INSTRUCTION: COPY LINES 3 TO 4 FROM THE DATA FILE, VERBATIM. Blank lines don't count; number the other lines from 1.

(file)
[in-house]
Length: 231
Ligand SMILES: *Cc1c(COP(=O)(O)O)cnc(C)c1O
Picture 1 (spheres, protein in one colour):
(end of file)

Ligand SMILES: *Cc1c(COP(=O)(O)O)cnc(C)c1O
Picture 1 (spheres, protein in one colour):